On Wednesday 5 June 2019, Warrane College had their first formal dinner of the semester. They heard from Dallas McInerney, Chief Executive Officer of Catholic Schools NSW (CSNSW) since August 2017. CSNSW is the representative body of the state’s almost 600 Catholic schools and their owners, as well as the system authority for approximately 550 NSW Catholic diocesan schools. Prior to this, Dallas worked in financial regulation and public policy across the government and private sectors.
McInerney spoke to the young men of the college about the good foundations he had in life, and how that motivated his work today. “I think it’s really difficult for a young person to go out into the world… and be true to what they’ve learnt at home. How can I replicate that? How can I honour what was given to me from my family… I think that’s one of the things that motivated me to take the current job that I have,” he said.
McInerney started by telling the young men about the good foundations he felt he had had in life. “I have been very lucky throughout my life, and the first bit of luck I had was the family I was born into,” he said. “I had two parents, both of whom came from very, very modest means… My grandmother invested all that she had, time and otherwise, into my mother’s education. It was that experience that my mother had that she was determined to pass onto her children… My father had left school at 14… I say that background to make the point that whatever gifts, or enjoyments or benefits you have; you’re very temporary custodians of them.”
McInerney went on: “The other things which put me in good stead were the robustness of living in community as one of nine kids; the boys’ school with hundreds of others; it does give you an early outlook on life. It can strengthen you, make you more robust. And I’ll always be grateful for those early opportunities because you were tested and you were stretched, and you did learn about self-doubt and criticism and not receiving always the best treatment from your fellow man. And to have those experiences early, I think, is important. Now that’s not to say that everyone should go through a god-awful existence, but I’m glad that I had those challenges.”
He said that even with a good foundation, the challenge for young people is sticking to how they’ve been brought up when the world around them is so different. “How do I make sure my children have the same experiences and formation that’s put me in such good stead, when every other part of society is sending them completely alternative messages to the ones we’re trying to send them at home?… It’s unrelenting, because I would have less facetime with my son and my daughter on a daily basis than they would with their iPads. So their view of the world is more influenced …by that than me.”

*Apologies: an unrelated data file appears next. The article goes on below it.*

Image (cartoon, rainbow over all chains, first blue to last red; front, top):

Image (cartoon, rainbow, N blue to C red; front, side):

“Never give up the opportunity to do something different or talk to somebody who’s either smarter, older, or more experienced.”
McInerney also gave the young men some advice on friendship and mentorship.
“A point I would make is I truly believe the friends you make at this age, now, are the best friends you’ll have ever. My best friends that I stay in touch with, value, love and interact with, and actually pine for… are the ones I met between 18 and 25… Life does get very busy… and the opportunity to make new friends becomes very limited… The beauty of having friends like that, from these formative years, is it doesn’t really matter if you don’t talk to them every day… they do give an extra dimension,” he said.
McInerney went on, “The other thing I’ll make comment on… is never give up the opportunity to do something different or talk to somebody who’s either smarter, older, or more experienced. I saw too many of my peers who were a little bit disdainful of people who were older than them… Some of the richer discussions I’ve had personally and certainly professionally are with people who have been there, experienced and really gone through with their careers, and now just want to share time with you. It’s not something that we do well in Australia with respect to valuing that great corpus of experience… So if there’s an opportunity to find yourself a mentor… I would definitely recommend that you try to regularise that… I have so many examples of times when people have given me counsel when I didn’t even know I was seeking it.”
He also advised the young men to learn to listen, and to really value their time in the college. “I was reflecting on some of the people who have come here before to share their thoughts… I was taught very early to remember that you have two ears and one mouth and to use it in proportion, and it was good advice because I’m one of nine children in my family… And coming back and joining you for dinner this evening did return to me the sense of enjoyment in numbers, and how joy shared is joy doubled, and there’s no substitute for being with your brothers and sisters… Cherish your time here.”